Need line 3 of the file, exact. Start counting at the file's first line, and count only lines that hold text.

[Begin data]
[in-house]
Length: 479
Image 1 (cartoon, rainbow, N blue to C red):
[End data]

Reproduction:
Image 1 (cartoon, rainbow, N blue to C red):